Hasikos said the House could not define foreign policy arguing that that was clearly a matter for the executive.

    Copyright Cyprus Mail 2002

    [06] US Universities on show

    By a Staff Reporter

    THE FULBRIGHT Commission has announced that the fifth US University Fair would be taking place on Wednesday, October 16, at the J. William Fulbright Centre in the buffer zone.

    Twenty-six university representatives will be offering information and application forms while scholarship opportunities could be available.

    The fair will be open from 4 to 8pm.

    For further information contact Stella Zavallis or Revy Payiata at the Fulbright Commission, Tel. 22669757 extensions 23 and 24 respectively.

    Copyright Cyprus Mail 2002

    [07] Two new landfills planned

    By a Staff Reporter

    THE GOVERNMENT is planning to create two new landfills, one in Paphos and one in Larnaca, Interior Minister Andreas Panayiotou said yesterday.

    Speaking at a seminar for waste management organised by the British Council as part of its EU series, the Minister said that landfills at Kotsiatis and Vati would be upgraded, while others would be closed.

    The seminar comes a day after the EU Commission issued its progress report on the candidate countries, and cited waste management as "the most worrying issue in Cyprus" in terms of harmonisation. The report said that four year programme regarding closure or upgrading has been prepared.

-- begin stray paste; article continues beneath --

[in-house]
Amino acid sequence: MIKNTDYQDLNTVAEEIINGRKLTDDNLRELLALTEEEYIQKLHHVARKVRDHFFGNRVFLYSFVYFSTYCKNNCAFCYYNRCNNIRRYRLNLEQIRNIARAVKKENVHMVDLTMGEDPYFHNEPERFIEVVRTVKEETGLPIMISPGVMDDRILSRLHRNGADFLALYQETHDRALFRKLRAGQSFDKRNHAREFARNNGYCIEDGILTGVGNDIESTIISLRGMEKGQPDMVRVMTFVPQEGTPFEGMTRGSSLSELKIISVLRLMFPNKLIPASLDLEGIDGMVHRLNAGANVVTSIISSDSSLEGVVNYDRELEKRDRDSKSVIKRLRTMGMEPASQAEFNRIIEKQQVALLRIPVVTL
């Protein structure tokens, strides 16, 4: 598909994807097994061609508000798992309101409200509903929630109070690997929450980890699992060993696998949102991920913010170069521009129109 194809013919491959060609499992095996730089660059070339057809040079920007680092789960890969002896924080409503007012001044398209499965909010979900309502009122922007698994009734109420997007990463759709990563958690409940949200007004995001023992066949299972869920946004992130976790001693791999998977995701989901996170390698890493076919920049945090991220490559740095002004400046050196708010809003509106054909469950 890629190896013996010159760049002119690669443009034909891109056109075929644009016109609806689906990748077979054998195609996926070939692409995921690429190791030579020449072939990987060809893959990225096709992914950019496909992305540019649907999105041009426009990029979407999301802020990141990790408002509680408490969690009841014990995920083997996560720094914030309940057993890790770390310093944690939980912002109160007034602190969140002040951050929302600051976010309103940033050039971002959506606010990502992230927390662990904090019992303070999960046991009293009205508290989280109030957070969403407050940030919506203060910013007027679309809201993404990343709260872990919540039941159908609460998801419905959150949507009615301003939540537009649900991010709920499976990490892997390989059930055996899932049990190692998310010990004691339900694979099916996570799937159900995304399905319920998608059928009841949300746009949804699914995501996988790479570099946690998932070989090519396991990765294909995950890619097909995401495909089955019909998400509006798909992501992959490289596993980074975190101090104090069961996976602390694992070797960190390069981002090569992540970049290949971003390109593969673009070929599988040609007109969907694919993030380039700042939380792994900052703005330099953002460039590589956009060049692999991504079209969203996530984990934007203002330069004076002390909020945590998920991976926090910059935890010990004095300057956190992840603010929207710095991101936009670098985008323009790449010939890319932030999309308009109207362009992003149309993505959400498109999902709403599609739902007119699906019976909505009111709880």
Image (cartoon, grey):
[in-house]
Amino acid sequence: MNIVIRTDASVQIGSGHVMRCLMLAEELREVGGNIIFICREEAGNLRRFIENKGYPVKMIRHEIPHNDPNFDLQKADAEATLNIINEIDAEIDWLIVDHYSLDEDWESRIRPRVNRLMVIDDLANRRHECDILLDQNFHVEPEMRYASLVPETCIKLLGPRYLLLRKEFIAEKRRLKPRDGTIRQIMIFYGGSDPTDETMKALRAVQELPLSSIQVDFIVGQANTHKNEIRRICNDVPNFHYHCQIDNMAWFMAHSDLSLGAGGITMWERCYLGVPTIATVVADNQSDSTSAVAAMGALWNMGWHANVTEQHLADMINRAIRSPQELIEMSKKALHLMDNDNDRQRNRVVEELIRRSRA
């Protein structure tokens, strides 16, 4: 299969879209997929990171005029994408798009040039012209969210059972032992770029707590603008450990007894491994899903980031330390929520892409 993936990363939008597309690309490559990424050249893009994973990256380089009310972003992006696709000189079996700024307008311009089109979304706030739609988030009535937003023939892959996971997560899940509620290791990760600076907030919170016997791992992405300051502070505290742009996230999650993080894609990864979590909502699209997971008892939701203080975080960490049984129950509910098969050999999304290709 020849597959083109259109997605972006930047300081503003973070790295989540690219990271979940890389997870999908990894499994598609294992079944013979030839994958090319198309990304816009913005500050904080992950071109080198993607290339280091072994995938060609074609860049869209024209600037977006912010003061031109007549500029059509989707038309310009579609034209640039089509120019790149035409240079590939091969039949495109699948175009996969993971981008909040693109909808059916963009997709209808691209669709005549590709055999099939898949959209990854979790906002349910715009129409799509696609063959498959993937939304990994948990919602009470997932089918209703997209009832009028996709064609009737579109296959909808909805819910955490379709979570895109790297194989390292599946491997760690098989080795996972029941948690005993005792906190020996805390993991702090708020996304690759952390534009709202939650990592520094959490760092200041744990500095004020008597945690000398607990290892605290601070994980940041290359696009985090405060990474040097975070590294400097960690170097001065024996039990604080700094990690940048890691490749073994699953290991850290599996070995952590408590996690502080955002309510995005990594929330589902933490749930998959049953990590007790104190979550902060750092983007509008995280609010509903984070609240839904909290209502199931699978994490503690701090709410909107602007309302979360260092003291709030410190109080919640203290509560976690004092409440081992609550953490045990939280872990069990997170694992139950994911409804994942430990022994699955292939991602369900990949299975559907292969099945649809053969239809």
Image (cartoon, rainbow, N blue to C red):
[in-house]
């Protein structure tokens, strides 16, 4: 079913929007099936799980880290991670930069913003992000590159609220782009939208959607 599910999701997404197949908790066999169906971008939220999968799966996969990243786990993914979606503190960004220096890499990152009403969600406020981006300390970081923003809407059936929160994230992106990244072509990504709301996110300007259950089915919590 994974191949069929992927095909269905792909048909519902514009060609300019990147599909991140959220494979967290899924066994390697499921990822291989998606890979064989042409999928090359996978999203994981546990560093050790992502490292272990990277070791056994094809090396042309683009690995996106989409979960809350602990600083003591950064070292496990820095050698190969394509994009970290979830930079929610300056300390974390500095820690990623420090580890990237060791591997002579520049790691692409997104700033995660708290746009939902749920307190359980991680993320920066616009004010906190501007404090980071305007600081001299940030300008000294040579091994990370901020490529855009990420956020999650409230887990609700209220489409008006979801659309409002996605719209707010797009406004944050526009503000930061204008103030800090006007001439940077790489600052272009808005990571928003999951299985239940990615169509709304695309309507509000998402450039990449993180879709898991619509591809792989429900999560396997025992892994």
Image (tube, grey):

Expanding on the programme Panayiotou said the first stage involved the creation of the two new landfills, which would be operated in line with EU directives. He said that waste management was one of the most significant issues that Cyprus was facing within the harmonisation framework.

    "At the same time a comprehensive programme will be implemented fro gradually reducing the overall volume of waste for land filling through recycling, composting and incineration for producing energy," the Minister said.

    Copyright Cyprus Mail 2002

    [08] CY announces more fare cuts

    By Jean Christou

    FROM MONDAY Cyprus Airways (CY) will be offering further fare reductions in addition to those already announced for London and Athens.

    While new fares for Thessalonica will be based on a similar system to those of Athens, around 50 per cent off certain flights, CY's other European destinations have been divided into zones.

    Zone A includes London, Manchester, Birmingham, Amsterdam and Paris with flights starting from 150 plus taxes. Night flights to Heathrow and all flights to Stanstead will start from 130 plus taxes. Pensioners' fares in zone A will cost 130 plus taxes for night flights and 140 plus taxes for regular flights.